ORI News

Unstructured Data or Disorganized Data

Is Your Data Unstructured, Disorganized, or Just Plain Challenging?

Associations Amass Vast Quantities of Data—But Is It All Usable?

By Barbara J. Armentrout, CAE, Relationship Director, ORI

Which term best describes your association’s data?

  • Unstructured
  • Disorganized
  • Pristine

If it’s pristine, then congratulations! You and your team have accomplished the near impossible.

But if your data is not pristine­—and, let’s face it, most data is not—then you likely have a combination of unstructured and (in all likelihood) disorganized data. What’s the difference between unstructured and disorganized data—and what comes next?

Unstructured Data vs. Disorganized Data

Unstructured data is information that either does not have a predefined data model or is not organized in a predefined manner. It’s valuable information but difficult to harness. Examples include:

  • Responses to qualitative (open-ended) surveys
  • Free-form survey comments that may have arrived with quantitative data
  • Email, chat, SMS/smartphone, and social media posts—whether inbound or pushed out by staff
  • Audio calls, such as with lapsed members or not-yet-registered attendees of prior-year conferences

Disorganized data, on the other hand, has an underlying structure but cannot be mined effectively in its current messy condition. Examples include:

  • Excel or other spreadsheets maintained in siloed departments
  • Other department-maintained records, ranging from financial statements on renewals to event/speaker registrations and foundation donations
  • Accounting software that does not speak to the member database or customer relationship management (CRM) system
  • Learning management systems (LMS) that do not speak to the member database or CRM
  • Outbound email systems that do not speak to the member database or CRM
  • Bookstore or other purchase systems that do not speak to the member database or CRM

Disorganized data is common, and it’s what plagues most organizations. But through thoughtful data mining, gap filling, deduplication, and benchmarking, associations can clean up their disorganized data to improve the quality and glean valuable insights. Taking it up to the next level, by leveraging analytics and visualizations to mine unstructured data, associations can reveal member sentiment and the true motivation behind customer behaviors in order to improve engagement.

Looking to the Future—With Clean, Organized Data

Why should an already busy, overworked association executive care about unstructured or disorganized data? The answer to that question is simple and likely already well understood: High-quality, organized data is essential to making informed, data-driven decisions—on every activity, every day.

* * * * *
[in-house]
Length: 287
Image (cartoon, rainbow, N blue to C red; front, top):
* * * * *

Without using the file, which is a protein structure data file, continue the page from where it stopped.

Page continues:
There is, however, an even more pressing reason that goes well beyond the descriptive analytics that many organizations have been focused on to date.

Many associations are eyeballing anticipatory intelligence and predictive analytics. If you have disorganized data, when you start assembling the ingredients for your predictive analytics work, you will find you are missing the nuances that come from actual purchases, actual event registrations, and actual dues renewal patterns.

Let’s explore an example. When you pull from the member database/CRM, are you confident that you know:

  • The percentage of members likely to renew upon first notice?
  • Which members will only renew after expiring?
  • Which members will renew when tied to a conference registration in a tier 1 venue—but not tier 2?
  • Which members need to be wooed with a piece of postal mail to register or renew (an expensive but necessary step if you want to meet budget)?

In many associations, the first step toward answering these questions lays in your disorganized data, waiting to be dug out and polished up for you to examine. To “predict” member actions like these, you must first have clean, high-quality data. Don’t be overwhelmed if the task looks daunting. Focus first on the critical data you really need to understand your members and then tackle the analysis “one insight at a time.”

Buzzwords like predictive analytics and anticipatory intelligence may be driving decisions in the board room, but it’s important to first ensure that your data and your organization are prepared. Remember that no matter how much pressure you might get from the Board or Executive Staff to launch predictive analytics because it’s the hot new thing, be sure your data mix includes all the essential ingredients for a successful outcome. It’s never too late to get your disorganized data in order so you can begin looking to the future.